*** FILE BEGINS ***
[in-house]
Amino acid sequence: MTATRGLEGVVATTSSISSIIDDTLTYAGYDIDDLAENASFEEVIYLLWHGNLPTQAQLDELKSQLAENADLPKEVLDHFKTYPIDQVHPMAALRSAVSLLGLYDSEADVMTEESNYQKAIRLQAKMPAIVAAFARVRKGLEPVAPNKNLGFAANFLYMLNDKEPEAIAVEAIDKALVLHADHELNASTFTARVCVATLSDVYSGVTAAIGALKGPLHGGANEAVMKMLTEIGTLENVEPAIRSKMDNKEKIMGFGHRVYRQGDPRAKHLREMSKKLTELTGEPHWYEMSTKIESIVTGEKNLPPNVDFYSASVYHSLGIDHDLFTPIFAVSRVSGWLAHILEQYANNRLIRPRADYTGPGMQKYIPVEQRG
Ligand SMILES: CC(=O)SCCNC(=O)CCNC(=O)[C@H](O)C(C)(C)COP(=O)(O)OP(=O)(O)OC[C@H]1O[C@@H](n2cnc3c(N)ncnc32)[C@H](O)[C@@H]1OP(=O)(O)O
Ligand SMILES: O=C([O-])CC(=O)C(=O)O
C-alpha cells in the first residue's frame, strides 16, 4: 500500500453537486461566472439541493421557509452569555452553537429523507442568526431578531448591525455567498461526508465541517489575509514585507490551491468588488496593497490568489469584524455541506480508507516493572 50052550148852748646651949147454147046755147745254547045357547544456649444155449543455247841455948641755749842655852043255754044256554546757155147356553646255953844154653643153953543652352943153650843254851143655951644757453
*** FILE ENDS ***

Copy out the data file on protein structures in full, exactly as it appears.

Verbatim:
[in-house]
Amino acid sequence: MTATRGLEGVVATTSSISSIIDDTLTYAGYDIDDLAENASFEEVIYLLWHGNLPTQAQLDELKSQLAENADLPKEVLDHFKTYPIDQVHPMAALRSAVSLLGLYDSEADVMTEESNYQKAIRLQAKMPAIVAAFARVRKGLEPVAPNKNLGFAANFLYMLNDKEPEAIAVEAIDKALVLHADHELNASTFTARVCVATLSDVYSGVTAAIGALKGPLHGGANEAVMKMLTEIGTLENVEPAIRSKMDNKEKIMGFGHRVYRQGDPRAKHLREMSKKLTELTGEPHWYEMSTKIESIVTGEKNLPPNVDFYSASVYHSLGIDHDLFTPIFAVSRVSGWLAHILEQYANNRLIRPRADYTGPGMQKYIPVEQRG
Ligand SMILES: CC(=O)SCCNC(=O)CCNC(=O)[C@H](O)C(C)(C)COP(=O)(O)OP(=O)(O)OC[C@H]1O[C@@H](n2cnc3c(N)ncnc32)[C@H](O)[C@@H]1OP(=O)(O)O
Ligand SMILES: O=C([O-])CC(=O)C(=O)O
C-alpha cells in the first residue's frame, strides 16, 4: 500500500453537486461566472439541493421557509452569555452553537429523507442568526431578531448591525455567498461526508465541517489575509514585507490551491468588488496593497490568489469584524455541506480508507516493572 50052550148852748646651949147454147046755147745254547045357547544456649444155449543455247841455948641755749842655852043255754044256554546757155147356553646255953844154653643153953543652352943153650843254851143655951644757453